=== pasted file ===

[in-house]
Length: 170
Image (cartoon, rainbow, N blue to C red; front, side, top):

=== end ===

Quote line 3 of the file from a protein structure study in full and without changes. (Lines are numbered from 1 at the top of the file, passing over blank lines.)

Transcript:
Image (cartoon, rainbow, N blue to C red; front, side, top):